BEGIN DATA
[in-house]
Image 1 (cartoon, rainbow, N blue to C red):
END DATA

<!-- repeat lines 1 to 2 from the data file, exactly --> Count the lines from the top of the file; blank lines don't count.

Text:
[in-house]
Image 1 (cartoon, rainbow, N blue to C red):